If you’ve experienced stress or panic attacks that are disrupting your life, and you cannot find relief through the practice of relaxation or behavioural modification exercises, then maybe it’s time to consider anxiety panic medications. Physicians recognise their importance because they break up the patient’s pattern of anticipating panic and reducing related symptoms.
Benzodiazepines have been in use for decades, and they include such well known medications as Valium, Librium, Ativan, and Xanax. They work by increasing the effectiveness of specific neurotransmitters, which actually depresses the central nervous system. Typically, people who take these feel a decrease in irritability or excitement, or they simply feel relaxed enough to fall asleep. They are referred to as sedative-hypnotic drugs, and they should only be utilised for a short time period because they can cause memory loss. They are very addictive. Xanax and Klonopin have been identified as two drugs with a high rate of success at blocking panic attacks.
A milder, newer entry in the list of anxiolytics is BuSpar, which has a lesser effect of sedation and dependence than the benzodiazepines. People also retain better memory response when they use this drug. However, many patients complain about not being able to find “the right dose” – maybe because sedation is really what they’re looking for.
Selective Serotonin Reuptake Inhibitors, also referred to as SSRI’s, include Prozac, Zoloft, and Paxil. They were developed to increase the body’s supply of a neurotransmitter called serotonin, which is developed by the brain to help you with sleep, mood adjustments, appetite, memory, and other functions. With this drug enabling the body to keep a naturally higher level of serotonin, the patient’s depression and anxiety are relieved.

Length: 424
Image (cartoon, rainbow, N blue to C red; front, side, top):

Tricyclic antidepressants are another older group of drugs, including such familiar medications as Elavil, Imipramine, Sinequan, and many others. They used to be the first line of defense as anxiety panic medications but they have been pretty well upstaged by the SSRI’s. Many physicians still use them, and they do have an additional but little understood mechanism for alleviating chronic pains experienced as part of an anxiety disorder.
Monoamine Oxidase Inhibitors are no longer used widely. They are involved in a wide variety of negative dietary interactions. Most often today they are used as a last line defense for those affected by social disorders, obsessive compulsive disorder, and agoraphobia. Nardil and Parnate are the best known of these.
There are a variety of medications used as anxiety panic medications that are difficult to categorise, possibly because their primary indication is for something other than panic or stress. Depakene is an anticonvulsant medication that has been noted to provide relief from depression, stress, and anxiety. Hydroxyine is an antihistamine medication that allows patients to sleep and become more relaxed and calm, but it is much less addictive than the sedative drugs. Some common brand names of this type are Vistaril and Atarax, and even Zyrtec exerts a similar effect. Buproprion, more widely known as Wellbutrin, preserves the norepinephrine and dopamine in the system, and it is widely used for smoking cessation.
Many herbs are recommended for relieving anxiety, stress, and depression. Kava treats anxiety and helps the patient to sleep better. Valerian relieves anxiety and insomnia. St. John’s Wort is probably the best known of all herbs. Studies have shown it to be more effective than a placebo, and it’s probably well advised for patients who are very sensitive to side effects. The problem with most herbal supplements is that there is a lack of standardisation among distributors.
If you begin a medication regimen, it’s important for you to feel that you can use the drug while you learn how to control your panic or anxiety. You should never feel as if the drug is the only thing that is helping you. Talk with your doctor to find the best anxiety panic medication for you, and use it hand-in-hand with other stress-relief techniques.